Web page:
I have a few favorite pastimes when I am not writing a new book or imagining that I am rewriting someone else’s story in my head. I like to do needlework. Work with needles. No, I am not a philbotomist or a nurse or a heroin addict. I like to knit. So you ask, what the heck does this have to do with a writer’s blog.
Actually, kniters probably use first language shorthand language long before texting and twittering were born. For instance, a typical instructions would include something like; ssk, dyo, k3 p3 short hand for slip, slip, knit, double yarn over, knit three, purl three. I love that stuff. I get the hang of it. I used it muchas veces (many times). It is very cool. However, I need an urban dictionary to decipher lol, lmo, btw and mucho mas (much more).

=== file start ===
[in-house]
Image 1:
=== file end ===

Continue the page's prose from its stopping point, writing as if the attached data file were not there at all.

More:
Example of knitting pattern directions written by the designer.
. Work k2tog BO loosely as foll:
Sl 1 pwise wyf, bring yarn to back, return
slipped st to left needle, k2tog (2nd st tog
with slipped st), *
See what I mean?
All this brings me to what dictionary.com sent me the word of the day. Although I do not think I have seen or heard it before. I knew the meaning immediately. What is up with that? What makes my brain work like that? Amazing. I love this word more than btw or ssk. Well, maybe just as much. I want to share it with you today.
esemplastic [es-em-plas-tik, –uh m-]
1810-20; < Greek es-, dialectal variant of eis- into + ( h) én, neuter of heîs one + plastic; irregular coinage by S.T. Coleridge; compare German Ineinsbildung, term used by Schelling
Based on the Random House Dictionary, © Random House, Inc. 2016.
Cite This Source
British Dictionary definitions for esemplastic
(literature) making into one; unifying
C19 (first used by Samuel Taylor Coleridge): from Greek es, eis into + em, from hen, neuter of heis one + -plastic
Collins English Dictionary – Complete & Unabridged 2012 Digital Edition
© William Collins Sons & Co. Ltd. 1979, 1986 © HarperCollins
Publishers 1998, 2000, 2003, 2005, 2006, 2007, 2009, 201esemplastic